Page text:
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Ground Zero-related Cancers Have Tripled Since January 2014

Aug 19, 2016

More than 5,400 Ground Zero responders and others who lived, worked, or attended school near the fallen Twin Towers are known to have developed 9/11-linked cancers. The cancer tally has tripled in the past two and a half years. Many others who spent time in the area south of Canal Street in the months after 9/11 have also developed cancer and are may be unaware that their cancer could be related to the tragic events of 9/11 and its aftermath.

As of June 30, 2016, 5,441 people enrolled in the WTC Health Program have been diagnosed with 6,378 separate cancers, the New York Post reports. Some people have more than cancer, according to officials. That total is up from 1,822 cancer cases in January 2014.

Dr. Michael Crane, medical director of the WTC Health Program at Mount Sinai Hospital, called this "an alarming increase." Dr. Crane told the Post that for the last year and a half every week the program had 10 to 15 new people being certified for cancer.

The WTC Health Program now monitors more than 48,000 police, construction workers, volunteer firefighters, utility workers and others who worked or volunteered at Ground Zero. The FDNY has its own 9/11 health program with 16,000 members.

The federal government has listed more than 50 types of cancer believed to be related to the toxic smoke and dust present on and after 9/11. People with these cancers may seek payments from the 9/11 ¬Victim Compensation Fund, the Post reports.

One veteran firefighter has advanced kidney cancer that has spread through his body. He told the Post he considers himself lucky because, "I’ve had 15 years with my kids after 9/11, and I’m still here with Stage 4 cancer." Ray Pfeifer has undergone 11 surgeries, including a kidney removal, hip, femur and knee replacement and radiation for a brain tumor.

On the morning of September 11, 2001, Pfeifer-who was off that day-rushed downtown to join the effort to find survivors. He stayed for the next nine days, sleeping on a rig. He then worked for eight months in the search for remains.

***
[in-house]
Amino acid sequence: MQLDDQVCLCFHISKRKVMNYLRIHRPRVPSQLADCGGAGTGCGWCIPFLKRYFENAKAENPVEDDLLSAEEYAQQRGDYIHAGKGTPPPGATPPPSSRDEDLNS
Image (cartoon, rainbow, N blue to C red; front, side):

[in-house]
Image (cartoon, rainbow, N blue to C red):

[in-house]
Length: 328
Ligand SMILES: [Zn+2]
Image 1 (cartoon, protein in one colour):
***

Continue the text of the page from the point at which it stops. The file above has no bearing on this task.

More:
He brushed off early symptoms of illness like a cough and shortness of breath, but in 2009, when he suffered hip pain, his doctors found a baseball-size tumor. He continued to work until 2014, when a chemotherapy-induced heart attack forced his retirement.

Another cancer victim was an 18-year-old freshman at Pace University on September 11, 2001. She was covered with white dust on the day the towers fell. At age 31, during a caesarean birth, her doctor discovered that the woman had appendix cancer. She underwent a hysterectomy, removal of other organs, and a chemo bath in her abdominal cavity, the Post reports. She and her husband froze four embryos and now hope to have another child through surrogacy.

Researchers have found that the 9/11 community is experiencing prostate and thyroid cancer, leukemia, lymphoma and multiple myeloma at a significantly higher rate than expected in the normal population.

The James Zadroga 9/11 Health and Compensation Act, reauthorized by Congress in December 2015, provides health care, health monitoring, and compensation to 9/11 responders and survivors. The reauthorization extends the World Trade Center Health Program through 2090. The Victim Compensation Fund would have expired in October 2016, but has been extended five more years to provide benefits to first responders too sick to work. To be eligible to file a claim, individuals must register with the VCF by the applicable deadline. The registration deadline depends on the individual claimant’s circumstances, including date of cancer diagnosis.

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